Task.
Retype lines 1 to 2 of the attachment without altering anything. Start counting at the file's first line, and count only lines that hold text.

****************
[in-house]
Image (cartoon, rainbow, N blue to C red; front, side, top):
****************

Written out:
[in-house]
Image (cartoon, rainbow, N blue to C red; front, side, top):